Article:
China’s ambassador to Pakistan, Sun Weidong, visited the Hunza Valley on 19th October 2013 and addressed a public gathering held in his honor at Karimabad, Hunza. He said that Hunza Valley is going to be the Gateway for all mega projects in the region. No doubt that is going to impart very positive effects on natives. I foresee an economic boom in the area with the introduction of such huge projects including the train service via Hunza valley, the gas pipeline from Iran to China, the idea of transportation of raw material from copper mines to china from Pakistan and Afghanistan, the idea of fiber optic communication between the two countries and much more. These will change the economic status of the local resident and will make them more prosperous but few negative impacts are unavoidable with this economic boom which includes the environmental degradation of the area and the impacts on the social and cultural setup of the natives. Being a narrow strip and having small corridors in between the giant mountains, this valley may be very prone to environmental degradation. A little increase in any pollutant caused by such projects may cause severe impacts on the local ecology. Before the start of such mega projects the local government and federal governmentshould take steps to safeguard the interests of the local communities.
The natural beauty of the area is an asset for the local communities. The fresh air they breathe in, the spring and glacial water they drink, the biodiversity they see and the social setup they live in, are considered to be the greatest blessings from the almighty.The whole area consists of small patches of land between the mountains and the river Hunza. Usage of excessive land for building such huge project will fade away many villages of the area from the map. For hundreds of years the local communities have worked hard to turn this mountainous region into an Eden and mismanagement of land may lead these villages to desertion. Any project on such a large scale is going to affect all of them directly or indirectly. Starting from the initial construction phase to the operational phases, these have specific environmental impacts on the area which should be addressed by the GB government and Environmental Protection Agency (EPA) of GilgitBaltistan. Unlike other parts of the country we should ensure the implementation of environmental laws and regulations because our area is more sensitive and delicate.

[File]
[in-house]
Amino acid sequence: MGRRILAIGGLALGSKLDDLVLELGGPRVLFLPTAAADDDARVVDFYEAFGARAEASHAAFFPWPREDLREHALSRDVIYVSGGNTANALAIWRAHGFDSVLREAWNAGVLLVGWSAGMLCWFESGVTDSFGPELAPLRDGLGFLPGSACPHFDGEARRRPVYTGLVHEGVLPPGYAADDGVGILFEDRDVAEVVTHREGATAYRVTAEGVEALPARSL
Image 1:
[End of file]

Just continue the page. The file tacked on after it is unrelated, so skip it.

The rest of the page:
For an instant take the train project as an example; it may cause serious air contamination in narrow corridors of the valley where the width is hardly few meters. Such areas may trap the pollutants causing public nuisance and damage to the quality of the local environment. Emission of CO2 from the train may cause greenhouse effect increasing the temperature which would directly affect the surrounding glaciers. Noise of the moving trains will cause public nuisance and the vibration due to the moving trains will affect the local geography of the area, Which already has experienced a lot of loses due to land falls, Attabad incident is the worst example of that. These vibrations may trigger many similar incidents in the area. The overuse of land for these projects is another big issue. The width of many small villages including Aliabad cannot afford this much land use in a row. The giant road KKH, the train rail, then the huge gas piping and the right of the way for all these projects would consume the whole villages leaving the people homeless. .
In order to safeguard the environment of GB the local bodies should ensure the development of Proper “Environmental and Social Impact Assessment (ESIA)” and “Environmental Monitoring and Mitigation Plans (EMMP)” ensuring their full implementation For this purpose proper companies should be hired which should visit the area and make these reports and plans, based on surveys and field visits rather than data available on internet. Each project should have separate EIA and EMMP to ensure the security of the local flora and fauna. The projects shall be designed in a way that they would use the minimum land in the villages by introducing bypasses and other engineering means, We, GBians have a great literacy rate and now it is time to prove ourselves well educated by safeguarding the environment and ecology of the area.
Steps to be taken
- Proper environmental assessments of all projects and formation of Environmental Impact assessment (EIA) reports
- Formation of Environmental Monitoring and Mitigation Plan(EMMP) and ensuring its implementation
- Avoiding Unmanaged land use patterns for the projects
- Use of bypasses and flyovers to reduce disturbance in the villages
- Usage of environment friendly transport systems for the transport of raw material from mining in future
- Separate transport system for local residents, if the transportation of raw material via Hunza is planned
- Use of land near the Hunza river for such large projects to save the villages from desertion
- Consideration of future threats for environment if transport of raw material from and to China is planed via Hunza
- Consideration of social issues which may be caused by the projects i.e. road accidents etc.
- Campaigns and disseminate environmental awareness among the GBains
Although these precautions cannot stop the environmental degradation I foresee, but, definitely, these will help to minimize the impacts.
We, GBians, celebrate 5th June every year chanting the slogans of “Save Our Environment” but it is pretty weird that we are ignoring the environmental catastrophes which may be encountered by our motherland, due to the upcoming mega projects. Let’s save our mother land!
The contributor is an Environmental Engineer ( NUST ) hailing from Karimabad, Hunza. He works for Hagler Bailly Pakistan, based in Islamabad.